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To ensure that you understand the material in this chapter, you should review the meanings of the following bold terms in the following summary and ask yourself how they relate to the topics in the chapter.
Chemical reactions relate quantities of reactants and products. Chemists use the mole unit to represent 6.022 × 1023 things, whether the things are atoms of elements or molecules of compounds. This number, called Avogadro’s number, is important because this number of atoms or molecules has the same mass in grams as one atom or molecule has in atomic mass units. Molar masses of substances can be determined by summing the appropriate masses from the periodic table; the final molar mass will have units of grams.
Because one mole of a substance will have a certain mass, we can use that relationship to construct conversion factors that will convert a mole amount into a mass amount, or vice versa. Such mole-mass conversions typically take one algebraic step.
Chemical reactions list reactants and products in molar amounts, not just molecular amounts. We can use the coefficients of a balanced chemical equation to relate moles of one substance in the reaction to moles of other substances (stoichiometry). In a mole-mass calculation, we relate the number of moles of one substance to the mass of another substance. In a mass-mass calculation, we relate the mass of one substance to the mass of another substance.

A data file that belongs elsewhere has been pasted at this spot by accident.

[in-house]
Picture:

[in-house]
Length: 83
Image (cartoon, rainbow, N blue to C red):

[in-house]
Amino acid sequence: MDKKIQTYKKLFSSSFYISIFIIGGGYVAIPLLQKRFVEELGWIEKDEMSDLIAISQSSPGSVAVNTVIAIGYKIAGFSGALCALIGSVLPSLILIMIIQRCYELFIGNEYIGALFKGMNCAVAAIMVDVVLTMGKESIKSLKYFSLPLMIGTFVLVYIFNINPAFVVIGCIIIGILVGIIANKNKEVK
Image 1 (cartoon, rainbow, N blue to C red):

If the average male has a body mass of 70 kg, of which 60% is water, how many moles of water are in an average male?
If the average female is 60.0 kg and contains 0.00174% iron, how many moles of iron are in an average female?
How many moles of each element are present in 2.67 mol of each compound?
How many moles of each element are present in 0.00445 mol of each compound?
What is the mass of one hydrogen atom in grams? What is the mass of one oxygen atom in grams? Do these masses have a 1:16 ratio, as expected?
What is the mass of one sodium atom in grams?
If 6.63 × 10−6 mol of a compound has a mass of 2.151 mg, what is the molar mass of the compound?
Hemoglobin (molar mass is approximately 64,000 g/mol) is the major component of red blood cells that transports oxygen and carbon dioxide in the body. How many moles are in 0.034 g of hemoglobin?
H = 1.66 × 10−24 g and O = 2.66 × 10−23 g; yes, they are in a 1:16 ratio.